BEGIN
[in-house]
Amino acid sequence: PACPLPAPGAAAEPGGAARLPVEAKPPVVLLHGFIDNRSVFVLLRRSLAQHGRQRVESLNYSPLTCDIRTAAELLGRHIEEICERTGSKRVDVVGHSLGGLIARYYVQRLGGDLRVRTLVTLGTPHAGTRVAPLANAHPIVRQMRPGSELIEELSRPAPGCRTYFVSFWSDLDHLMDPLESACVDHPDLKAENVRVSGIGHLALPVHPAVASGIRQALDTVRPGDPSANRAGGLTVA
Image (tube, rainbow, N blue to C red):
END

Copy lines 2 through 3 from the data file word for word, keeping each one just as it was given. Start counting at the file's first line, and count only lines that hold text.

Amino acid sequence: PACPLPAPGAAAEPGGAARLPVEAKPPVVLLHGFIDNRSVFVLLRRSLAQHGRQRVESLNYSPLTCDIRTAAELLGRHIEEICERTGSKRVDVVGHSLGGLIARYYVQRLGGDLRVRTLVTLGTPHAGTRVAPLANAHPIVRQMRPGSELIEELSRPAPGCRTYFVSFWSDLDHLMDPLESACVDHPDLKAENVRVSGIGHLALPVHPAVASGIRQALDTVRPGDPSANRAGGLTVA
Image (tube, rainbow, N blue to C red):